MANILA, Philippines—The Food and Drug Administration warned the public on Tuesday about processed food products it tested and found positive for rhodamine-B, a cancer-causing substance found in dyes used as tracers in water and air flow studies but whose use is prohibited in food preparations.
In an advisory posted on its Web site, the FDA said that three out of the 34 samples of food products it tested for non-permissible colorants were found to be positive for rhodamine-B. The three products were found on sale in Cebu.
But except for a brand of shrimp paste labelled 7C’s, it did not identify the brand names of the two other products, namely “icing candy” and “red gulaman” or red gelatin bars, identifying only the places from where it obtained the samples. It said the candy came from Cebu Crown Grocery, the red gulaman from Carbon Public Market, and the shrimp paste from Robinson’s Grocery in Talisay, Cebu.
Neither did it say what action it had taken to remove the products from the shelves.
“The food processors of the three products are in violation of the FDA Act of 2009 (Republic Act No. 9711) and the Consumer Act of the Philippines (Republic Act No. 7394) on adulteration of processed food,” said FDA acting director general Kenneth Hartigan Go.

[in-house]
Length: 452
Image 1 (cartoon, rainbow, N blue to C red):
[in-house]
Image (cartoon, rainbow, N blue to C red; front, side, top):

He added that the FDA Act of 2009 requires all locally manufactured and imported processed food products to be registered with the FDA.
“This requirement is in addition to the permits issued by the local government units (LGUs) and other government agencies,” he said.
Rhodamine B is a fluorescent dye used as a tracer in water and air flow studies as well as in molecular and cell biology studies. It is a powder with colors ranging from red to violet and has been shopwed to cause cancer in mammals.
Meanwhile, the FDA said that five other products tested need further confirmatory tests for the presence of NPC Sudan, a dye that is used in shoe and floor polish, solvents, oils, waxes and petroleum products. Its use in food preparations is not allowed because the dye is not permitted for use in food because it is toxic, carcinogenic, and likely contain metals like mercury and arsenic.
According to the FDA, the samples it tested were collected from ambulant vendors, public markets, groceries and supermarkets in the National Capital Region and Central Visayas.
“Most of the samples were unregistered and non-compliant with food product labeling standards,” said Go in the advisory.
The FDA advised consumers to buy processed food products from legitimate food establishments and outlets.
He also urged consumers to report food processors using suspect food coloring additives.
“Please read labels. Look for FDA registration numbers. Ingredients should be indicated. Look for a consumer hotline. Check expiry dates. If in doubt, contact and coordinate with the FDA Field Food and Drug Regulatory Officers who will conduct inspection or testing,” Go said.
He added that the FDA has also tapped the help of the Centers for Health Development and local government units in implementing the confiscation and recall of products or closure of establishments found violating the law.